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Injury Control and Emergency Health Services
Section Newsletter
Spring 2010

Position Announcement with Marshfield Clinic


National Children’s Center for Rural & Agricultural Health & Safety

National Farm Medicine Center,

Marshfield, Wisconsin


The National Children’s Center for Rural & Agricultural Health & Safety (NCCRAHS), Marshfield Clinic Research Foundation, has initiated a search for a Project Scientist to serve as a key staff member with excellent opportunities for career growth.  The Project Scientist will be responsible for directing and managing selected projects affiliated with NCCRAHS.  The Project Scientist will work closely with the Principal Investigator regarding Center priorities and is expected to acquire additional leadership responsibilities over time. 


Major responsibilities include:

  • Oversee NCCRAHS project activities working with internal and external project collaborators.
  • Develop project timelines, organize and facilitate study meetings, and monitor project progress.
  • Prepare funding agency and IRB reports.
  • Participate in strategic planning for childhood agricultural safety initiatives.
  • Serve as a spokesperson and liaison at national conferences and advisory board meetings.


The position requires a PhD or equivalent degree in public health, education, agricultural safety or a related field with an emphasis in child development and/or occupational safety plus a minimum of three years work experience in agriculture or a pediatric injury prevention field.  

Community Information

Marshfield Clinic is a multi-specialty group practice with 775 physicians in 41 locations.  Its main campus is located in Marshfield, a welcoming community of 20,000 in central Wisconsin.  Marshfield provides an excellent environment for raising a family with exceptional primary and secondary schools, as well as recreational opportunities surrounded by rural landscapes.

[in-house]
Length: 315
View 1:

The University of Wisconsin Agricultural Research Station and USDA Institute for Environmentally Integrated Dairy Management are located in Marshfield, providing collaborative research opportunities along with the University of Wisconsin (Wood County) and Mid-State Technical College. 


For more information please contact: Marlene Stueland, Manager, National Farm Medicine Center, Marshfield, WI  54449.   Phone: (800) 662-6900 or E-mail:




Marshfield Clinic is an Equal Opportunity/Affirmative Action Employer M/F/D/V


New Book on CDCs EIS

Author Mark Pendergrast has published a new book entitled Inside the Outbreaks, which provides a history of the Epidemic Intelligence Service of the Centers for Disease Control and Prevention. According to Mark, the book covers (among many other topics) the development of the CDC efforts to prevent violence and injuries. Additional information can be found at: .

New Book by ICEHS Member Anara Guard

Longtime active ICEHS member Anara Guard has published a new book entitled The Sound of One Body. Excerpts from her book and information on how to obtain a copy can be found at . Below is a description of the book taken from Anara’s website: